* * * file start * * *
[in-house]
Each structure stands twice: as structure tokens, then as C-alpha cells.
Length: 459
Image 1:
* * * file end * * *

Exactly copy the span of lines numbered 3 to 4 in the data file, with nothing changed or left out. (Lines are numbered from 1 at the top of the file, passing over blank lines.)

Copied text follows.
Length: 459
Image 1: